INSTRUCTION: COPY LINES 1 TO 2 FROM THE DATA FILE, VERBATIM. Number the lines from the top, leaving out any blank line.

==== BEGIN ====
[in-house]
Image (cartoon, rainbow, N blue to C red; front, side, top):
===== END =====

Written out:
[in-house]
Image (cartoon, rainbow, N blue to C red; front, side, top):